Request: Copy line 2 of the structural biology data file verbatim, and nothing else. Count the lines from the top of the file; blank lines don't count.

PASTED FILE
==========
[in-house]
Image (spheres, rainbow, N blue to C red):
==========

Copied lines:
Image (spheres, rainbow, N blue to C red):